During my presentation in Wichita last Thursday night to the Kansas Society of Clinical Oncology, I showed excerpts from a video of Al Errato, the husband of one of our Mayo Clinic patients, which I had discussed in the post just before this one. (It’s also linked from Slide 27 below.)
One reason for showing the video was to emphasize how the advance of technology makes it much more cost-effective to capture moments and testimonials like these.
But during my conclusion (see Slide 66), I also tied Mr. Errato’s example back to one of the Five Tweetable Truths (which is something of a healthcare-specific distillation of my 35 Theses) I shared as a summary:
Creating a great patient experience is the best way to have positive social media buzz
In other words, the success of a social media “program” depends on the underlying reality of the patient or customer experience. If you’re providing good service, the offline word-of-mouth will be good, and you’ll likely be able to amplify it online. If you have quality and service issues, no “program” to encourage online buzz will be successful.
Back in my hotel room that night, I went online to Hotels.com to get a couple of rooms for Friday night, as my parents, Lisa and I were headed to Milwaukee for my grandson Graham’s second birthday. The site informed me that this rental would put me two nights closer to the 10 I needed for a free night’s stay.
As I headed to the hotel lobby the next morning, opening my iPhone app to get a ride to the airport via Uber, a question struck me:
Why doesn’t Uber have a loyalty program?
I had started using Uber late last spring based on a friend’s recommendation – or rather his use of the service for a ride on which I was a passenger. So then the next day I downloaded the app and used Uber myself for my ride back to the airport. I do recall getting some prompts to share my experience with friends, with some discount or credit involved for making the referral.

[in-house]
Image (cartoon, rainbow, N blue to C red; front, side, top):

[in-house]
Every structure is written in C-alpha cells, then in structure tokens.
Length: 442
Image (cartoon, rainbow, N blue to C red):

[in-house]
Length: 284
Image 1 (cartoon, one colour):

Since then I’ve used Uber at least a dozen times. I appreciate that:
- The prices are lower
- I don’t have to decide whether to give a 15 or 20 percent tip – it’s built in to the price
- I don’t have to wonder whether the driver will take my credit card or demand cash after the ride’s conclusion
- I can have the ride billed automatically to a stored credit card
- I get the receipt via email almost immediately after the ride, and don’t have to worry about misplacing a paper receipt
- I always get a clean ride with a courteous driver who has averaged at least 4.5 stars on a 5-point scale from those who’ve ridden previously, and
- I don’t have risk bodily injury stepping into a busy street to hail a cab
On a recent trip I also experienced being able to split the fare with another passenger. No need for one of us to give the other cash and then mess with reimbursement headaches due to nonstandard documentation. We each got our half-price receipt via email.
I’ve become a regular customer, and yet I’ve never gotten an email that says, “Hey Lee, you’ve used Uber 7 times! With just 3 more you’ll qualify for a free ride!”
Why not? Because that would be a waste of money. I’m already committed. Why would Uber give me for free what I already think is a great value?
Uber doesn’t need a loyalty program because its service IS its loyalty program.
I’m glad Delta airlines has its Medallion loyalty program so I can get a few extra inches of legroom in Comfort+ seats at no extra cost, and that I can use accumulated miles for free trips.
And the Hotels.com free bonus night after buying 10 does give incentive to use that site regularly instead of splitting among Orbitz, Priceline, Kayak and the like. I’m not endorsing Hotels.com; I’m just saying that in a crowded marketplace with lots of similar options, a loyalty program can be a differentiator.
But now much better to provide service which is so clearly superior that a loyalty program would be wasteful?
Well done, Uber.